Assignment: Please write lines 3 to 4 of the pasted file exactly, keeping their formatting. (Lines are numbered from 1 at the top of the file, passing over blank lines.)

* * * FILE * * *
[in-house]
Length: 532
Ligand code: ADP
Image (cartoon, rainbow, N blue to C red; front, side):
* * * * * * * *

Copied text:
Ligand code: ADP
Image (cartoon, rainbow, N blue to C red; front, side):